UCR chemists prepare molecules that accelerate chemical reactions for manufacturing drugs

Aug 18, 2005

New molecules help make stable catalysts that work at room temperature

Chemists at the University of California, Riverside have synthesized a new class of carbenes – molecules that have unusual carbon atoms – that is expected to have wide applications in the pharmaceutical industry, ultimately resulting in a reduction in the price of drugs.

Called cyclic alkyl amino carbenes or CAACs, the molecules attach themselves to metals, such as palladium, to form highly efficient catalysts that allow chemical transformations otherwise considered impossible. The carbenes modulate the properties of the metals to which they are bound and can facilitate and speed up reactions involving their use.

Study results appear in the Angewandte Chemie International Edition, and were published online Aug. 1.

A carbene is a molecule that has a carbon atom with six electrons instead of the usual eight. Because of the electron deficiency, carbenes are highly reactive and usually unstable in nature.

In their paper, the UCR chemists discuss a set of chemical reactions involving the use of catalysts other than those that are CAAC-based. The authors note that these catalysts need strong heating to be effective. They add that the CAAC-based catalysts, on the other hand, can be used not only at room temperature but also in smaller amounts than is necessary for the other catalysts.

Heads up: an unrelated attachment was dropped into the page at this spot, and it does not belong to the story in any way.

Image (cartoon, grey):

"For more than a century, most catalysts were prepared using chemical compounds called phosphines," said Guy Bertrand, the lead author of the study and Distinguished Professor of chemistry. "But in the 1990s, carbenes were found to be useful to make catalysts. The new carbenes we have prepared in the laboratory are such that they protect the metals to which they bind, making the metal catalysts more stable and longer lasting."

Because nitrogen atoms stabilize a carbene when they are adjacent to it, chemists believed until now that two nitrogen atoms were necessary in a carbene to make efficient catalysts. But having two nitrogen atoms also imposes structural limitations at the center of the carbene.

The carbenes synthesized by the UCR chemists has only one nitrogen atom, which lends the molecule a far more flexible structure. In effect, the carbenes are bigger at the metallic center of the catalyst, a feature that improves the efficiency of the catalyst.

"We started this project nearly two years ago," said Vincent Lavallo, an undergraduate researcher in Bertrand's laboratory and the first author of the paper. "The carbene-based catalysts we report can simplify complex chemical preparations. Further, just mild temperatures are needed for the catalyst to be effective. Because of the catalyst's longevity, you need only a small amount to achieve your final product. All of this can dramatically reduce the cost of manufacturing drugs, given that pharmaceutical companies are increasingly using carbene-supported catalysts for their chemical reactions."

Bertrand's research group plans to continue to modify the new carbenes to find more efficient catalysts. "We're looking also for new catalytic reactions facilitated by these new carbene metal complexes," Lavallo said. "The CAACs have made the field of carbene chemistry more exciting than ever."

Yves Canac, Carsten Präsang and Bruno Donnadieu of UCR assisted with the study. The National Institutes of Health and the chemicals manufacturer Rhodia provided support.

Source: University of California, Riverside

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